I nodded. Numbers were exchanged and plans were made. 7pm, at the Iris Pub.


I’d downed two drinks by the time he showed up. No one asked him to show up late. I blame him. A part of me wondered how I’d pay for this if he hadn’t come at all. I imagined making a run for it. I suddenly felt exhausted just thinking about it.

He got down to business immediately. He wanted to commission a particular piece of work. He’d always been claustrophobic as a child, anxious and jittery about closed spaces. Now that he was over it, he wanted a representation of this part of him on his wall.

“Soul. I want you to put your soul into this one,” he said animatedly. I always left a part of our soul in every one of my painting.

I pushed my luck further and told him I needed an advance. He agreed so quickly, wrote me a cheque so promptly – I wondered if this guy was even real. We spent the next half an hour talking about his boring life. He was a well-connected fellow and his family owned all kinds of manufacturing units for all sorts of boring things. Fuck you, I thought before leaving. Fuck all rich people. The cheque would take two (dry) days to clear.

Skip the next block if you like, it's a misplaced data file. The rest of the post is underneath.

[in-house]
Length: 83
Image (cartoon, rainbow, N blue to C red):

I started painting only after the money came. I used most of it for a large crate of bottles. I didn’t go to my usual guy for it. Lost out on a lot of business because he was such an asshole, I thought to myself while I cleared a box full of light bulbs to store my bottles.

She always asked me to change the light bulbs, I thought bitterly. I cursed my wife.

That night, the colours returned and how. I took my art supplies to the smallest room in our house – the store room. I also took three pounds of bread with me along with a couple of bottles of gin. Locked myself up. Told my wife not to bother me. I boarded up the windows. Kept a separate empty bottle for myself to pee in. I wanted to feel trapped, claustrophobic, anxious, sick. I painted for two days and nights straight.